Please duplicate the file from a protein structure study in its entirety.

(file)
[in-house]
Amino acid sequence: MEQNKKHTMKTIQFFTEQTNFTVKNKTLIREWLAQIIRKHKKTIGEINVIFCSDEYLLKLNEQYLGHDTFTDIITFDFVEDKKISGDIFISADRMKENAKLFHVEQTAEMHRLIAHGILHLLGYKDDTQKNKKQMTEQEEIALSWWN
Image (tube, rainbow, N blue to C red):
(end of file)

[in-house]
Amino acid sequence: MEQNKKHTMKTIQFFTEQTNFTVKNKTLIREWLAQIIRKHKKTIGEINVIFCSDEYLLKLNEQYLGHDTFTDIITFDFVEDKKISGDIFISADRMKENAKLFHVEQTAEMHRLIAHGILHLLGYKDDTQKNKKQMTEQEEIALSWWN
Image (tube, rainbow, N blue to C red):